New Mozi P2P Botnet targets Netgear, D-Link, Huawei routers

Pierluigi Paganini December 25, 2019

A new Mozi P2P botnet is actively targeting Netgear, D-Link, and Huawei routers by probing for weak Telnet passwords to compromise them.

Security experts from 360 Netlab spotted a new Mozi P2P botnet that is actively targeting Netgear, D-Link, and Huawei routers by probing for weak Telnet passwords to compromise them.

According to the researchers, in the last months, the botnet was mainly involved in DDoS attacks, experts also noticed that the sample borrows part of code from the Gafgyt malware.

The botnet implements a custom extended Distributed Hash Table (DHT) protocol that provides a lookup service similar to a hash table ([key, value]).

“Mozi Botnet relies on the DHT protocol to build a P2P network, and uses ECDSA384 and the xor algorithm to ensure the integrity and security of its components and P2P network.” reads the analysis published by the experts. “The sample spreads via Telnet with weak passwords and some known exploits (see the list below). In terms of functions, the execution of the instructions of each node in the Mozi botnet is driven by a Payload called Config issued by the Botnet Master.”

This kind of implementation makes it simple to add/remove nodes with minimum workaround re- keys.

The Mozi Botnet uses its own implementation of the extended DHT protocol to build a P2P network.

The malware spreads by attempting to guess Telnet passwords of target devices and leveraging known exploits. Once gained access to the device, the bot attempt to execute a malicious payload and the bot will automatically join the Mozi P2P network.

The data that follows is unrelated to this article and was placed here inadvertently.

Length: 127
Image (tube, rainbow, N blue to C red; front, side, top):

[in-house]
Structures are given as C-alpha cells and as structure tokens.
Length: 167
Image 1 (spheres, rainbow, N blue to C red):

The botnet supports implements the following capabilities:

  • DDoS attack
  • Collecting Bot Information
  • Execute the payload of the specified URL
  • Update the sample from the specified URL
  • Execute system or custom commands

“After Mozi establishes the p2p network through the DHT protocol, the config file is synchronized, and the corresponding tasks are started according to the instructions in the config file,” continues the analysis.

In order to avoid the botnet takeover by security experts or law enforcement agencies networks, the Mozi botnet implements a signature verification on each synchronized config.

Nodes belonging to the Mozi P2P botnet only accept commands that pass the verification process. The main commands implemented by Mozi bot allow it to:

Launch DDoS attacks (this module reuses Gafgyt’s attack code, supports HTTP, TCP, UDP, and other attacks)
• Collect and exfiltrate bot info (Bot ID, IP, PORT, filename (full path), gateway, CPU architecture)
• Execute payload from URL
• Update from the specified URL
• Execute system or bot custom commandsOpen Energy di Enel EnergiaAd by ENELSee More

The bot targets the following devices:

Affected DeviceVulnerability
Eir D1000 RouterEir D1000 Wireless Router RCI
Vacron NVR devicesVacron NVR RCE
Devices using the Realtek SDKCVE-2014-8361
Netgear R7000 and R6400Netgear cig-bin Command Injection
DGN1000 Netgear routersNetgear setup.cgi unauthenticated RCE
MVPower DVRJAWS Webserver unauthenticated shell command execution
Huawei Router HG532CVE-2017-17215
D-Link DevicesHNAP SoapAction-Header Command Execution
GPON RoutersCVE-2018-10561, CVE-2018-10562
D-Link DevicesUPnP SOAP TelnetD Command Execution
CCTV DVRCCTV/DVR Remote Code Execution

Additional information on the Mozi P2P botnet, including IoCs, are available in the Netlab report. 

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Pierluigi Paganini

(SecurityAffairs – Mozi botnet, malware)

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